The eating disorder, anorexia nervosa, like other forms of starvation, has been associated with an increased risk and severity of infectious diseases. However, there is conflicting evidence about the true risk of infection in anorectic patients. Indeed, some anorectics appear to be less susceptible to minor viral illnesses, possibly analagous to the attenuation of viral infections observed in protein‐starved mice. Leukopenia and neutrophil dysfunction, including abnormal chemotaxis and depressed microbicidal activity, have been well documented in some anorectic patients. Abnormalities of the complement system and impaired immunoglobulin synthesis have also been reported. Patients with severe anorexia nervosa are often anergic to skin testing but other abnormalities in cell‐mediated immune function have been difficult to document. Increased spontaneous tumor necrosis factor (TNF) production by peripheral blood mononuclear cells and lower cell‐mediated cytotoxicity have been reported in patients with anorexia nervosa. Further studies are needed to define the true risk of infection in anorexia nervosa and to clarify the types and extent of immune system abnormalities in this patient population.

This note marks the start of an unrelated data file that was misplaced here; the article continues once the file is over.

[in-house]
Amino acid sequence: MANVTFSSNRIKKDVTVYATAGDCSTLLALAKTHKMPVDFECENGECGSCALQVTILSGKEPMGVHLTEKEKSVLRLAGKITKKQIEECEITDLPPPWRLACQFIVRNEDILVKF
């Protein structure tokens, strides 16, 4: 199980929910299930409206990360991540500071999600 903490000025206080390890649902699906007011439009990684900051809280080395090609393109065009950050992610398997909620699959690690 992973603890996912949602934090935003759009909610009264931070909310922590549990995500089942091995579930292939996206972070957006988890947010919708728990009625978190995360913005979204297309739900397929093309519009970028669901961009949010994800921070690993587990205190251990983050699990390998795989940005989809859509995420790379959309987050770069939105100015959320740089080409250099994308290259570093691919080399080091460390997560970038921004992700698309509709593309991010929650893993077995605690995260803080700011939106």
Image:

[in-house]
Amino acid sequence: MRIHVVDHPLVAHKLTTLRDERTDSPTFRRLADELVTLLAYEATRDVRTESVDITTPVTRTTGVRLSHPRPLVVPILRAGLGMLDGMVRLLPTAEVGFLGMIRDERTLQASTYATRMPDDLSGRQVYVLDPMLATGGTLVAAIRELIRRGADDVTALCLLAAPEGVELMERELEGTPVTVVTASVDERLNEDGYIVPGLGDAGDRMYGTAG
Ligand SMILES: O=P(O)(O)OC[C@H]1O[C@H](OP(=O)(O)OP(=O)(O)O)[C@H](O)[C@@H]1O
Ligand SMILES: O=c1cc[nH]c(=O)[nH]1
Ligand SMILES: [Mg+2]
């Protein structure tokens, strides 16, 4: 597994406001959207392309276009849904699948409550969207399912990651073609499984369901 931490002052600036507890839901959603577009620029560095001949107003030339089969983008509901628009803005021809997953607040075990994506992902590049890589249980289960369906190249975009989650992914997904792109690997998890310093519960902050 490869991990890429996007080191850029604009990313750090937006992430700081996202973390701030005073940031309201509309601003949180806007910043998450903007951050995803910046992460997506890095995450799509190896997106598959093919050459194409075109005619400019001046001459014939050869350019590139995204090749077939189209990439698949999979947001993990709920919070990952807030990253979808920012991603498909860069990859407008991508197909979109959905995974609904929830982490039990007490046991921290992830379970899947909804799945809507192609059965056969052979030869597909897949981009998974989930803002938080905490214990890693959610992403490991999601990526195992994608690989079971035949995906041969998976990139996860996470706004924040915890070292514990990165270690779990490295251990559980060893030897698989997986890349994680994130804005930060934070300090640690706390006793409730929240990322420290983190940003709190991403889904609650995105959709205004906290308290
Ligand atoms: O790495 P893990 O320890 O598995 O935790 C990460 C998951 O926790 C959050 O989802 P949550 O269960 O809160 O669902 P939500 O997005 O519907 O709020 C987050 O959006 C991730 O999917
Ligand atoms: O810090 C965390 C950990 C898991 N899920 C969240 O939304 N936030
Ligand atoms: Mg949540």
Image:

|Original language||English (US)|
|Number of pages||9|
|Journal||International Journal of Eating Disorders|
|State||Published - Jul 1992|